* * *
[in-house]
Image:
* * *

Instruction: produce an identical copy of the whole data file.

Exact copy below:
[in-house]
Image: